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UTILITY Week 8th September 2017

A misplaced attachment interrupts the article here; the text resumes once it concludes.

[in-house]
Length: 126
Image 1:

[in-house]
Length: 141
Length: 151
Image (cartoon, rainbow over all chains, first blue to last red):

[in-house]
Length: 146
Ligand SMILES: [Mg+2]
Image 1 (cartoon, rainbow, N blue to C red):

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16 | 8TH - 14TH SEPTEMBER 2017 | UTILITY WEEK Policy & Regulation Analysis E lectric vehicles (EVs) dominated many of the headlines over the summer. Their rapid rise over recent months has caused a mix of jubilation and slight panic. Green groups have welcomed the development. Meanwhile network compa- nies, though they recognise the importance of moving to a low-carbon economy, have expressed concern that if the take-up of EVs were to happen in a haphazard way, the grid could become overloaded. National Grid published its Future Energy Scenarios report in July in which it predicted that peak power demand could hit 18GW as EVs become more common. This deluge of news was rounded off with government's surprise announcement that it would ban the sale of all new petrol and die- sel cars by 2040. The first rollout of forecourt EV charg- ing was announced at the end of August, as ChargePoint Services and Motor Fuel Group – the second-largest independent forecourt operator in the UK – signed a deal to roll out EV charging across Motor Fuel Group's 413 stations. So what are the key points that have emerged from this flurry of news over the summer? 1) The rise of EVs will be rapid National Grid has predicted that EVs could add as much as 18GW, or 30 per cent, to peak power demand by 2050. The latest Future Energy Scenarios report – published by National Grid on 13 July – suggested that without smart charging, peak demand could grow by as much as 8GW by the end of the next decade due to a "dramatic rise" in sales. The rapid take-up of EVs is widely expected, and forecasts by National Grid suggest that as many as nine million EVs could be on the UK's roads by 2030. By 2050, EV sales could account for more than 90 per cent of all cars. Even the lowest estimate of EV growth set out by National Grid – in its "Steady State" scenario – will require infra- structure investment and innovation to sup- port charging peaks. National Grid's report warned: "This year's analysis shows us EVs could drive large increases in peak demand if we con- tinue to see the sharp uptake past the 2030s and if there is no management of when charging occurs." 2) The government is all for it The government has a long-standing goal in place that EVs should make up 9 per cent of the country's fleet by 2020 – a target it says is critical to achieving the required shi to a low-carbon economy. On 10 July, the Department for Business, Energy and Industrial Strategy (BEIS) and the Office for Low Emission Vehicles jointly announced £20 million of funding to support the development of smart charging technolo- gies, which will enable EVs to help balance the power grid. A competition has kicked off to allocate the grants, and the idea is to notify winners in December, allowing suc- cessful projects to start in early 2018. Overall, the government has vowed to double financial support for energy innova- tion by 2021 and according to BEIS, £600 million is already being invested in ultra-low emission vehicles. At the end of July, the government made the surprise announcement that it would ban the sale of new petrol and diesel cars by 2040. This is a bold move, and a sure sign that the government wants to see the uptake of EVs (and ultra low emission vehi- cles) increase. Around 2.7 million new cars were registered in the UK in 2016. From 2040, all such vehicles will be required to qualify as zero emission, with EVs likely to be dominant. 3) EVs won't require a huge increase in generation Former Npower boss Paul Massara dismissed dire warnings that the UK would require massive increases in electricity generation to cope with the phasing out of internal com- bustion vehicles. Critics of the government's plan had held up the findings of National Grid's Future Energy Scenarios report, which predicted that peak hour demand for electricity could increase by up to 50 per cent, requiring addi- tional investment of £200 billion. Massara – who is now chief executive of North Star Solar – claimed the government's announcement of a ban on new petrol and diesel car and vans in favour of EVs had led to "wild claims" of increased electricity demand. "Assertions that UK demand could increase by 50 per cent, and could cost £200 billion, have been bandied around in the media," he said. "But this projection of increased demand is the most extreme forecast from the National Grid. In reality, demand is likely to go up by a much lower amount, perhaps as little as 10 per cent, par- ticularly as the UK moves to a more smart, flexible power grid. Likewise, the £200 bil- lion figure assumes using the most expen- sive technology to meet peak demand when many lower cost alternatives are available." 4) The energy system will need to transform to cope with EVs No matter how it is handled, the uptake of EVs will have a fundamental effect on the energy sector, and the government and Ofgem's smart systems paper proved that policymakers largely agree about how the energy system of the future will look – with heavy penetration of EVs, flexible local energy systems, demand responsive storage and much greater renewable generation. Simon Skillings, a senior associate at energy think-tank E3G, tells Utility Week: "There is a lot of consensus around what the world will look like. The interesting issue is how we get there." Skillings does not feel the paper goes far enough, and says it fails to fundamentally rethink the regulatory struc- tures which will be needed to meet the scale of the EV revolution. Baringa Partners' Oliver Rix agrees: "The smart system paper is a helpful first step in recognising the needs around managing flex- ibility in the system but steps beyond are needed." He added that the longer-term strat- egy relies on a vision of decarbonising the power sector that is not there yet. "Every- EV revolution gathers pace A great deal has been written and said about EVs over the summer, including cage-rattling over their impact on future energy security. Lois Vallely rounds up five things we've learnt.